AMOS Project puts faith in fair employment

The Ohio Justice & Policy Center had been working on the issue for three years. Its workers knew that one box on job applications often left qualified workers without a prayer of an interview opportunity. “Have you ever been convicted of a felony?”

Nearly 2 million Ohioans with felony and misdemeanor convictions faced a no-win situation when applying for jobs, adding to unemployment lines and perpetuating cycles of poverty.

Support from the AMOS Project, a nonprofit coalition of 25 congregations, helped push a Fair Hiring Policy through Cincinnati City Council in 2010 and helped pass a statewide bill to build pathways to post-incarceration employment.

How did an organization formed out of a shared commitment to advancing justice and improving quality of life end up working on fair hiring practices? “We started to realize that in a lot of neighborhoods, being out of work was closely connected to having a criminal record,” says AMOS Project Executive Director Paul Graham.

Since its founding in the late 1990s, the AMOS Project has crossed denominational and political lines to take public positions on issues that impact “everyday people,” Graham says. “We work on issues that are counter to power structures. Most folks are actually in the category of the have-nots.”

Graham, a graduate of the University of Notre Dame, grew up in Illinois. He ran an interfaith organization in Massachusetts before moving to Cincinnati in 2008 to help the AMOS Project with a massive Get Out The Vote (GOTV) campaign.

“We run the largest non-partisan GOTV campaign in Hamilton County,” says the 31-year-old Kennedy Heights resident.  After that job was done, he was hired to take on the nonprofit’s leadership role.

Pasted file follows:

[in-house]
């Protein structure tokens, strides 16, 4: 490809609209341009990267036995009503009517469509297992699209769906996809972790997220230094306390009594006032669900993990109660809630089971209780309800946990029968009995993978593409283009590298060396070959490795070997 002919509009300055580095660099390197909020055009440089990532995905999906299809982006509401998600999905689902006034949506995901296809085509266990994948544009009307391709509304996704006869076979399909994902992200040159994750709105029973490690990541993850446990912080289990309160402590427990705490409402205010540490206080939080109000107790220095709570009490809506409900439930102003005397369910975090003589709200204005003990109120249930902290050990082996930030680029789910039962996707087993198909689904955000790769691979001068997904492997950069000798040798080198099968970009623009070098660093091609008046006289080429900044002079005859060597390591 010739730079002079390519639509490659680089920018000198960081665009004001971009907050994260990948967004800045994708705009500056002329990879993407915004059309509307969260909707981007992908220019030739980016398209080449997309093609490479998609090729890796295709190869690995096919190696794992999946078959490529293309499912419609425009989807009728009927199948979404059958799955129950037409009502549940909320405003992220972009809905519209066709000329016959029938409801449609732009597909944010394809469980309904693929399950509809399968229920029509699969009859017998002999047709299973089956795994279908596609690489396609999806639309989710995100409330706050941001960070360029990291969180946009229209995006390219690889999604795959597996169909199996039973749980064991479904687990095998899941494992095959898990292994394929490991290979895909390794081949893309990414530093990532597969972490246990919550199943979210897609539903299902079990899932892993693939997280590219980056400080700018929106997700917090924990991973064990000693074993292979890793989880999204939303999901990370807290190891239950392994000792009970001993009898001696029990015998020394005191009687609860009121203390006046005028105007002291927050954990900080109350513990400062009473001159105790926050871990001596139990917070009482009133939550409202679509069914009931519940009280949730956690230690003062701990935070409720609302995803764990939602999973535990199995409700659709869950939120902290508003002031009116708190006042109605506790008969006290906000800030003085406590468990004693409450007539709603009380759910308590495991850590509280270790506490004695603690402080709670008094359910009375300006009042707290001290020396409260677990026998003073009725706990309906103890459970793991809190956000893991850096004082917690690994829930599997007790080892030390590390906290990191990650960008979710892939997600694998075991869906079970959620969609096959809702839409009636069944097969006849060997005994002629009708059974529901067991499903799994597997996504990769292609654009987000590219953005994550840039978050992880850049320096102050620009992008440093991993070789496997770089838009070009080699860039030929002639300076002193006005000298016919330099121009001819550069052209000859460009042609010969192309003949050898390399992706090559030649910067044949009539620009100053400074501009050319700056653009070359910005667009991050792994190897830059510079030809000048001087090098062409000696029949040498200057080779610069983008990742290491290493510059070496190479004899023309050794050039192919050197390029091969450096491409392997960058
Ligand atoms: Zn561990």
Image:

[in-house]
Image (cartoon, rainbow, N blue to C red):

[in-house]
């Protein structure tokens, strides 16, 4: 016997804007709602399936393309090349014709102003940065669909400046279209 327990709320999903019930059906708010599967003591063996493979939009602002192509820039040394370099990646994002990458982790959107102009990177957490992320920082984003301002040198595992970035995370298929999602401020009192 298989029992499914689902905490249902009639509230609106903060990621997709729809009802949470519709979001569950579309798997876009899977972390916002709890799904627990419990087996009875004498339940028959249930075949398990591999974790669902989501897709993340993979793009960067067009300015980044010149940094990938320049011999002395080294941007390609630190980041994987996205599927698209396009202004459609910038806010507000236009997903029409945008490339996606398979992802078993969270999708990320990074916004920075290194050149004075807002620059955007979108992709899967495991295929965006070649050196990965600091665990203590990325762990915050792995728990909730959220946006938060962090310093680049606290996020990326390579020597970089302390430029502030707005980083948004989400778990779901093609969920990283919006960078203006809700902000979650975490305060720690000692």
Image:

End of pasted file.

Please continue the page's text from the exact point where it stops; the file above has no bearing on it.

The AMOS Project partners with a number of like-minded nonprofits, including the Ohio Organizing Collaborative, Ohio Faith & Justice, the Ohio Justice & Policy Center and the Archdiocese of Cincinnati.

Its current work revolves around immigrant rights, worker rights and building networks of parishioners across denominations, around the city.

Do Good:

• Build a website. Currently, the AMOS Project’s limited staff hasn’t allowed for the construction or maintenance of a website. If you can help, email Graham or call the office, 513-751-2222.

Like the AMOS Project on Facebook. Keep up with the latest news and activities online.

• Make a difference. Donate your time or money to support the AMOS Project’s work. Call the office, 513-751-2222, to find out how.

By Elissa Yancey
Follow Elissa on Twitter.

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